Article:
The next few months are an opportunity to influence the final outcome and we will continue to work with the full breadth of the REC membership on this.

The key recommendations that REC has been taking forward are as follows:
The definition of pay should not include wider benefits packages and company bonuses
A practical solution to establishing equal treatment is crucial, comparators should not be the only means
Legitimately self-employed workers should be excluded from the scope of equal treatment
Temp to perm fees should not be affected by these Regulations
Where a worker has a significant break in assignment or moves to a different role within the same employer, the 12 week clock should start again
Legitimate means of derogating from the principle of equal treatment must be maintained
The Directive should not be implemented until 2011.
The REC put forward practical recommendations on implementing equal treatment measures in the UK following the establishment of its Agency Work Commission which was made up of employers, recruiters, employment lawyers and representative bodies such as the CIPD. The REC Employment Policy Committee has also played a pivotal role in driving the RECs campaign.

Initial comments from APSCo
Comments from Ann Swain, Chief Executive of the Association of Professional Staffing Companies (APSCo):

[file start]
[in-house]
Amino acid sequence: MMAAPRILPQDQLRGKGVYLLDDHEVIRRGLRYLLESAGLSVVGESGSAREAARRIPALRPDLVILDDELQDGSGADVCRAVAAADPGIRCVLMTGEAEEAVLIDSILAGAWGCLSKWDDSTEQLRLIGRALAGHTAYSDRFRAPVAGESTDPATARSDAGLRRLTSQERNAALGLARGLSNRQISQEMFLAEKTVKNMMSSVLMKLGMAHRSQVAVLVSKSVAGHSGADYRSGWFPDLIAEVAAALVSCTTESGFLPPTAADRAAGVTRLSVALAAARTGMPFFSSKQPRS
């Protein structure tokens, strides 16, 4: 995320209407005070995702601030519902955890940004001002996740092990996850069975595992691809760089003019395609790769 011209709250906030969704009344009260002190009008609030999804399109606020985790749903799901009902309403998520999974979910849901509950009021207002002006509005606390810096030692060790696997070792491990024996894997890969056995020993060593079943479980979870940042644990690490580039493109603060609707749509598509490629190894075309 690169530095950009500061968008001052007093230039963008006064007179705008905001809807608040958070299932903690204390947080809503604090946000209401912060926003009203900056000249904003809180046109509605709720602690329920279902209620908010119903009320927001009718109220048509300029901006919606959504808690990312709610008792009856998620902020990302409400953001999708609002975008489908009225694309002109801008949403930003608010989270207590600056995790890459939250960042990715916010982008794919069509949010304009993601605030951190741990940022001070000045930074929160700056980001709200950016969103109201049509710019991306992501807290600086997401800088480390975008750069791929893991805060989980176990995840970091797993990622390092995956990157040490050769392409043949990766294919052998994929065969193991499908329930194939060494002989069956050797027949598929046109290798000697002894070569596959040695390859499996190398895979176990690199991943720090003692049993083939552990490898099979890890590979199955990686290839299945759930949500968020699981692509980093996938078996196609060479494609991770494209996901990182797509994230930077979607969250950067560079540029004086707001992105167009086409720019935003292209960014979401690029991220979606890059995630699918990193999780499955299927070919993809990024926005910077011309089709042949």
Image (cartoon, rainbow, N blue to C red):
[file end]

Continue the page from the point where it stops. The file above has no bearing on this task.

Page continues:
On the decision to delay implementation of the Directive until October 2011:
"This was something APSCo called for in its submission to the consultation. As it is, this EU initiative will impose huge costs on UK plc, and with unemployment rising, the consequences could be disastrous."

On the decision to exclude limited company contractors but not contractors operating through umbrella companies:

"While the Government is right to exclude limited company contractors, including umbrella company contractors within this legislation creates an artificial distinction based on corporate structure which does not meaningfully reflect the status of the worker. Is the Government really saying that umbrella company contractors are always 'vulnerable' but limited company contractors are not? Clearly there are many umbrella company contractors who earn more than limited company contractors, so this distinction is flawed."